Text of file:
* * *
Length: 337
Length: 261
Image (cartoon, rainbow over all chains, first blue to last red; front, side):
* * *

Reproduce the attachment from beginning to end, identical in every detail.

Length: 337
Length: 261
Image (cartoon, rainbow over all chains, first blue to last red; front, side):